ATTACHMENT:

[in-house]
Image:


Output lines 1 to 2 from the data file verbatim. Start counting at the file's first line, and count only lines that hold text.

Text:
[in-house]
Image: